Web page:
If you look around, there are signs everywhere but sadly, not many people stop and read them.
I do, I always have. I’m not sure if it’s the historian in me, or just an innate curiousity–I figure if someone thought it was important enough to erect a sign in a certain place, then it’s worth reading. It’s a trait that drives my family crazy.
On Friday, I went for my usual pre-game walk in Carleton Place before Clare’s hockey game. I was familiar with Carleton Place because Clare had competed in regattas there many times, but the arena was in a different part of town.
I started walking on a section of the Trans Canada Trail and came across a bridge that spanned the Mississippi River. There were several interpretive signs on the bridge, so I stopped to read them. Directly across from me was another bridge named Gillies Bridge in honour of John Gillies who built it in 1884.
John Gillies was the name of my father. Not the same John Gillies who built the bridge, and no relation to my knowledge, but it immediately caught my interest.
According to the Lanark County tourism website, lumber was king in the Ottawa Valley in the nineteenth century and John Gillies “was one of the industry’s crown princes”. He acquired the first sawmill in Carleton Place in 1866 and built the operation to employ 200-300 men to produce more than 20 million feet of board lumber a year. His mills eventually covered 300 square miles and spanned the greater part of six townships.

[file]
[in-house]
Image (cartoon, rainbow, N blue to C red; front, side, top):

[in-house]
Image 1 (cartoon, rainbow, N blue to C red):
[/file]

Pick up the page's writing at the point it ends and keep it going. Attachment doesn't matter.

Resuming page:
His Gillies Machine Works was his retirement project. After selling his mill operation, he built the Machine Works in 1875, manufacturing steam engines, water wheels, gearing, shafting and boat engines.
I thought this was ironic given Dave’s and mine luck with boat motors.
I stopped to admire the old abandoned millworks on the island, and then kept strolling, taking pictures of the old stone buildings since it was such a gorgeous sunny morning.
It was interesting to read about this famous namesake, and in a strange way, made me feel closer to my Dad, who has been gone for more than 20 years.
This week’s #HappyAct is to stop and read the signs some time. You never know what you’ll discover.